Leakage in Contaminated Water
It was apparent, per incident reports gathered on the site, that when one of the containers leak, it took several weeks before the company's foot-patrol to notice it. By then, around 300 tons of contaminated water had already seeped out of the storage tank. This is considered a level three serious incident by the International Nuclear and Radiological Event Scale (INES). As a matter of comparison, the Chernobyl incident and the triple meltdown in Fukushima were classified at maximum level seven.
There were strong indications that some of the tanks might also leak, especially with a few nearing their expiry dates. If incidents occur, it might be hard to pinpoint the ultimate culprit since only a few tanks were outfitted with sensors that served as an early warning device. "These are not the right containers — which at the same time, are not stored in the right place, nor are they made of appropriate materials and built in accordance to specifications," said Michail Schneider, a nuclear expert and one of the authors of the World Nuclear Industry Status Report.
Complete disorganization like frequent malfunctions, the bungling of operations, and a seeming lack of direction were seen to be what was happening in Fukushima. Countless of accidents happened like – radioactive cloud steaming out of ruined reactors; and leaks being plugged by the use of ordinary tape. Then there were fears of radioactive water contaminating the groundwater and flowing out into the ocean. This was denied vehemently by TEPCO, but fears about these continue to flourish. TEPCO President Hirose, recently apologized for the radiation that infiltrated the coastline of Fukushina, that resulted to the fish kill.
"The frequent accidents are so many and dangerous that TEPCO ends up fixing them rather than turning its attention to its intended plans,” says Michael Maqua, of Society for Plant and Reactor Safety (GRS), in Cologne, Germany. Maqua is much too horrified to see at what TEPCO is doing about the situation. "If this would have been a school and I was the teacher, the TEPCO group are in great danger of failing the course,” he said to emphasize the point.
Currently, the Japanese government is releasing the needed funds to handle the Fukushima situation. One of these plans, were to construct a steel barrier between the plant and the ocean to keep radioactive water from streaming out into the sea.
TEPCO also plans to freeze the ground area surrounding around the nuclear reactor perimeter, by coming up with a subterranean ring of permafrost with an area of 1.4 kilometers to prevent the groundwater from entering the ruined complex . This technique has been used by the mining sector, but has never been applied on a larger scale or on a long-term basis. "We can't assume that it will be workable," says Macqua. A critique of this plan, a German engineer who is with the industry, is vehemently against the plan, saying that a permafrost ring will not be an effective barrier to water entry, if not also sealed on the sea ground level.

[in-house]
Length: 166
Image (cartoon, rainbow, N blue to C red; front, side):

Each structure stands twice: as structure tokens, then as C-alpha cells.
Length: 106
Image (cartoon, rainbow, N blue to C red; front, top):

As regards the radioactive contents of the 1,000 plus storage tanks, there is only one foreseeable solution – and that is, for the contaminated water to be cleaned before it gets thrown out into the ocean. It is technically possible to filter out the contaminants, cesium and strontium. Tritium, although not as dangerous as the other two, cannot be filtered out. The Japanese public is being admonished for the date of the release of this particular water — much to the horror of the public, particularly the fisher folks.
TEPCO just recently finished the construction of a filtration facility , but this did little to appease the public’s fears on the company’s ability to handle crisis management — hardly had this facility started when it went off again, and so was rust seen to creep in with leaks sprouting with more frequency the last several times.
Nuclear Reform Monitoring Committee chairman, Dale Klein, will be in Japan the second time around this week to talk to TEPCO's managers, who still welcome his help, despite his previous acrimonious remarks. But it remains doubtful if they will be amenable to what he is going to say to them this time — that the country should create a new company comprising of international experts for the cleanup operation. TEPCO, he believes, is incapable of handling the extremely difficult water situation, a problem that, he says, would persist until the next decade.